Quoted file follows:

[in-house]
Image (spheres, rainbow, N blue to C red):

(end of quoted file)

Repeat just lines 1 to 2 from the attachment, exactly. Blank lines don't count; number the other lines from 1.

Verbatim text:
[in-house]
Image (spheres, rainbow, N blue to C red):